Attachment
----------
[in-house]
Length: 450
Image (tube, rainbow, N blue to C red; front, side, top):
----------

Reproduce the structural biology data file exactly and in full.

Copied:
[in-house]
Length: 450
Image (tube, rainbow, N blue to C red; front, side, top):